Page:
A nearly hour-long standoff between demonstrators and Indiana State Police (ISP) June 1 ended after ISP officers momentarily removed their riot gear.
Late in the afternoon June 1, protesters began a march they hoped would take them to the governor’s mansion. A group of roughly 50 people on foot marched, carrying signs reading messages such as “Black lives matter” and “Blue lives murder” and were trailed by a procession of roughly 80 cars as the protest made its way through downtown.
With car horns blaring and chants of “Hands up, don’t shoot” echoing through the crowd, police were on high alert. While members of the Indiana National Guard Reactionary Force stood guard near Monument Circle, officers from ISP and the Indianapolis Metropolitan Police Department (IMPD) were attempting to follow the crowd. Protest organizers were streaming much of the procession on Facebook Live, but never revealed their exact location.
As they walked toward the governor’s mansion, protesters noticed a line of over a dozen ISP patrol cars blocking off 46th Street. One protester draped in a flag reading “Don’t tread on me” stopped the group and informed them, “They don’t want us to reach the governor’s mansion!” and encouraged the group to continue to move forward and confront the police.
As the crowd advanced toward the group of well over 40 officers, all in riot gear, it was roughly 15 minutes after the 8 p.m. curfew imposed by Mayor Joe Hogsett. As they reached the line of officers, many demonstrators took a knee, raising their hands in the air screaming “Hands up, don’t shoot!”
After that, amid the chanting of the crowd, conversations took place: Protesters speaking to fellow protesters, and protesters speaking with officers. At several points, tension arose as words were exchanged. Organizers of the demonstration, however, worked to deescalate the situation, telling members of the crowd to step back. About 30 minutes into the standoff, officers deployed a low-dose pepper ball into the crowd after they said a few demonstrators crossed a threshold that was established by officers earlier in the demonstration.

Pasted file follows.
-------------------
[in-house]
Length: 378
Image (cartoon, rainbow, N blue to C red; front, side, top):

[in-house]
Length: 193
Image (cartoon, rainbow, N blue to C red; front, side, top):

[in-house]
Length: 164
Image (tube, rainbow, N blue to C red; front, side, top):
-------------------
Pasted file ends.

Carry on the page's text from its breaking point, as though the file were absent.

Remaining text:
At one point, protester Anthony Brown stood between police and members of the demonstration, trying to bridge understanding between both groups.
“I was saying, you guys swore you were going to protect and serve,” Brown said. “And, a bunch of people were asking them to serve with us, hand in hand. They did that. I would love to see more cops come out and do that.”
Brown said he hopes this protest will create “listening ears and change,” and said protesters were giving officers examples of what laws they think should be changed and how to move forward.
Nearly an hour after the standoff began, ISP officers briefly removed their riot gear and lowered their batons and weapons, seemingly signaling to protesters they heard what they were saying. Loud cheers and applause erupted from the crowd, and several members of the demonstration approached police to shake hands and exchange hugs. Others in the crowd, however, viewed the removal of riot gear as an empty gesture and were upset with protesters for engaging with police.
Mat Davis, an organizer who read a list of demands to police and led chants, told demonstrators to not shake hands and hug police.
He led chants of “Stop hugging the police!” as people made their way back toward downtown on Meridian.
Police followed behind in squad cars most of the way, and they were posted at many intersections.
The original plan was to walk to 16th Street in order to avoid downtown, but many people were parked downtown.
They continued to Vermont Street, where Davis, who talked with police earlier, told the group that officers said people would be able to walk to their cars and go home.
“They’ve definitely given us the green light to be able to do that,” Davis said, stopping the group. “We don’t have anything else. I gotta make sure that none of y’all get maced, billy-clubbed, beat up, arrested or none of that. Once we’ve splitten up, we’ve been given the word that they won’t do anything.”
Then he harkened back to one of the most common chants of the night: “Can I ask you a question?” he repeated. “Have the police ever deescalated a m**********n’ thing!”
Everyone shouted no.
Shortly after, people split into smaller groups in order to stay together as they left, with most clearing the area by about 11 p.m.
Contact staff writers Breanna Cooper at 317-762-7848. Follow her on Twitter @BreannaNCooper. Contact staff writer Tyler Fenwick at 317-762-78523. Follow him on Twitter @Ty_Fenwick.
“We need laws … we need justice,” four young activists said at a recent rally. (Photo/Breanna Cooper)